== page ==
Tuesday, July 13, 2010

Day 16,351: Bridges

I took this photo about a week ago from a bridge that was used by cars and trains decades before its pedestrian-only repurposing. Formerly known as the L&N, this was the primary thoroughfare by which my family and I traveled across the Ohio River between Ohio and Kentucky in the late 60s and early 70s. (Cue something Fifth Dimension.)

These were the days when kids clamored freely about the backseat of expansive vehicles devoid of restraints beyond useless lapbelts. Woe to the one who plopped their bare legs upon buckles hot as branding irons from the summer sun. Not that there was any relief from the vinyl seats, mind you, so we often sat upon bath towels that slipped around with every stop sign and red light. We traveled with windows wide open, rolled down with two-handed effort on plastic handles with a tendency to pop off.

If the seats themselves didn't burn my two siblings and me, then flying ashes and butts from our cigarette smoking parents did. We were completely at the mercy of the wind direction and their poor aim. The best odds for safety (and I use that term loosely) were had by the kid who called dibs on the floor behind the front seat. Even sleeping on the rear window shelf afforded some protection (again, loosely). I am certain that there were at least three guardian angels per child back then ... and they worked really, really hard.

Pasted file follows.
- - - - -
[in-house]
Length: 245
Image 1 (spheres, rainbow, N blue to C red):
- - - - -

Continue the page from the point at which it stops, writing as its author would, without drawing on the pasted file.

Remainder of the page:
The L&N has been rechristened as the Purple People Bridge. We can only walk across the river here instead of drive. There are benches and beverages en route. Quaint, maybe, but in my opinion a rather humiliating retirement for bridge so rich in history. From it I can see that the newest building downtown is "becraned" to receive her crown and surpasses the old Carew Tower as the tallest in town. Like the beloved Carew, I am getting older too. The rules and landscape I have known since my birth keep changing. Time will tell which of them are really for the better.

Summers may be much safer now, but there is so much I sorely miss.


amelia said...

you did such a fabulous job of detailing the way we grew up riding in cars- my parents even cut the seat belts out- LOL- somehow we survived it- you have me all nostalgic now- this was a fabulous post, I really enjoyed reading it!

Jennifer/The Word Cellar said...

nice writing, julie!